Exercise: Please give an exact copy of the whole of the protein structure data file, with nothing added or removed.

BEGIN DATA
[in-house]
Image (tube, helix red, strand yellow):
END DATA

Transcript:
[in-house]
Image (tube, helix red, strand yellow):